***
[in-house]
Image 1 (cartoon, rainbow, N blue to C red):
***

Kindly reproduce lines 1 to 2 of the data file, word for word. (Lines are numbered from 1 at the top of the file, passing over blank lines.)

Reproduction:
[in-house]
Image 1 (cartoon, rainbow, N blue to C red):